The thought of taking care of another human being overwhelmed me. I was in school. I didn’t have any money, and I was living with my parents. I knew my baby’s father wouldn’t help (I was right), and I didn’t want my parents to raise my son. I love my parents, but they had lost steam raising my sister, their fifth child, born when the four of us were teenagers. But it was more than that. I had zero confidence in myself in just about every way. I didn’t think I’d be a good parent. I was too young, too selfish, too stupid. The thought of how badly I could screw up a child terrified me.
I felt totally alone.
I put my baby up for adoption because I knew I’d be taking on the responsibility of parenting by myself. My parents would have helped in a very practical way, but emotionally, I was on my own. I believe my lack of self-esteem had a lot to do with feeling like my family didn’t support me. My family is fiercely loyal and loving in their own way, but they aren’t vocal about it. I also didn’t want to live with my parents for what would clearly be an indefinite period of time. I’ve been pretty independent my whole life. I was the middle child always stirring the pot, causing trouble and getting in trouble. When I found out I was pregnant, I felt so stupid, completely in character, and like a failure. I felt utterly alone and knew my family would not be happy with me.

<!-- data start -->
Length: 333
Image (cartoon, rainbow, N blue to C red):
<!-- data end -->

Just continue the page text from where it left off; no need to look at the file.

I had never once asked my parents for advice, and I wouldn’t this time either. In my heart, I knew that these difficult choices were mine to make, alone. I knew I wasn’t going to keep my baby and that I would be on my own dealing with the consequences.